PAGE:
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9 hours ago, Blastaar said:

What about Ayers or Jim Aparo?

You will catch heat from fans about Aparo if you call him a journeyman or “worker bee”. I also think you are confusing “fan love” with being at the top of their profession.

Bear in mind that “way back when” they were almost all journeymen artists because they weren’t celebrated like now. Artists like Jerry Grandinetti, Jack Sparling, and Joe Orlando were excellent (at least with the right material). Same with Tony DeZuniga. Today, we have producers like Tom Mandrake who are also excellent (see his run on the Spectre), but don’t get the fan love they deserve. 

Stylistic preferences vary by the buyer. Some artists do transcend the average. But I would not think of the others as drones.

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Rich Buckler.  He's done a lot of work for the DC and Marvel.  He drew just about every character for them.  Not a name that comes to mind easily but you know who he is.

Gil Kane.  I've heard it mentioned that his page count is close to (or exceeds) that of Jack Kirby.  Not an unknown.  A totally recognizable style, regardless of who inked him.  A great artist.  He had every reason to toot his own horn but didn't.

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Just now, Will_K said:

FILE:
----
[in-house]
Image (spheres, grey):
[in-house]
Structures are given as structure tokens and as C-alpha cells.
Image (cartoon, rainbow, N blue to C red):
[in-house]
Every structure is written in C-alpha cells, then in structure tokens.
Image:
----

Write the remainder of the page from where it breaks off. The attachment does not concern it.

Gil Kane.  I've heard it mentioned that his page count is close to (or exceeds) that of Jack Kirby.

The top creators lists on the Mike's Amazing World website have Kirby at #2 (behind Swan) and Kane at #8 (following J Buscema, Colan, Byrne, S Buscema and Infantino) for number of pages pencilled, and at #1 and #2 respectively for number of covers drawn.

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1 hour ago, Will_K said:

Similarly, for drawing just about 10 years worth of Justice League and various issues for DC (e.g. Blackhawk, Hawkman/Atom, World's Finest), D ick Dillin.  I'm not sure JLA was a monthly title for those 10 years but drawing a team book over that period had to be a drain.

Spoon Dillin drew JLA from #64 (published in June 1968) until #183 (published July 1980), missing only five issues.

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9 hours ago, Will_K said:

Gil Kane.  I've heard it mentioned that his page count is close to (or exceeds) that of Jack Kirby.  Not an unknown.  A totally recognizable style, regardless of who inked him.  A great artist.  He had every reason to toot his own horn but didn't.

I was under the impression he wasn’t that shy about the subject.

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I think Bob Layton fits the bill. He’s filled in on most Marvel titles, done pencils or inks, and has a ton of output. The Hercules limited series was where I really came to love his style. (And if you ever meet him at a con, he’s a lot of fun and a great guy.) Here’s an Hercules page of mine. 

8C64B247-281F-4A1A-A57A-8FD65CC71681.jpeg